CHICK-FIL-A LOSING $1 BILLION BY CLOSING SUNDAYS… OR IS THE OPPOSITE TRUE?
A new report says Chick-fil-A is losing more than $1 billion in sales by being closed on Sundays. Its founder and its current CEO, though, likely would disagree.
The company had more than $10 billion in revenue in 2018, with roughly 2,400 restaurants in 47 states and Washington, D.C.
McDonald’s gains an estimated 15 percent of its sales on Sunday, according to a 24/7 Wall Street report in USA Today. If that traffic pattern and percentage were true with Chick-fil-A, then the company could gain at least $1.2 billion in sales by opening Sundays, according to 24/7 Wall Street.
But Chick-fil-A CEO Dan Cathy has previously argued that the company may gain revenue by being closed on Sundays.
“If we can let [employees] kind of take some time off and live and breathe, they come in with a lot more enthusiasm on Monday – plus a little bit more on Tuesday, Wednesday, Thursday, Friday and Saturday,” Cathy told Atlanta’s WSB-TV last year. “And it more than offsets — this defies the accountant’s logic, here, I know that – but it more than offsets the fact that we close everything down on Sunday. And it’s worked great for us.”
Cathy said he and his siblings signed a covenant with their father – founder Truett Cathy – never to open on Sundays.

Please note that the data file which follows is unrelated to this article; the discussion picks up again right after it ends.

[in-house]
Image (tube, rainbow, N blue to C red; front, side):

“He never liked the idea of asking other people to do that which he was not willing to do himself,” Dan Cathy said.
Before he died, Truett Cathy told The 700 Club that Chick-fil-A makes as much or more in “six days as our competition does in seven days.”
“So that’s a good argument that permits us to close on Sunday,” Truett Cathy said.
The company, he said, always has been a little different.
“We see no conflict between biblical principles and good business practice,” Truett Cathy said. “The Bible tells a lot about how to operate our business. We just have to read and apply. So, closing on Sundays was a decision that I made back in 1946 when I opened my first restaurant … After you work 24 hours a day for six days… you need a break.”
Michael Foust is a freelance writer. Visit his blog, MichaelFoust.com.
Photo courtesy: Getty Images/Tom Pennington/Stringer